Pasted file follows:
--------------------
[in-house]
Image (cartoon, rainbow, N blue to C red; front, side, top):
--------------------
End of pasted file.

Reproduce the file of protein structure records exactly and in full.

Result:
[in-house]
Image (cartoon, rainbow, N blue to C red; front, side, top):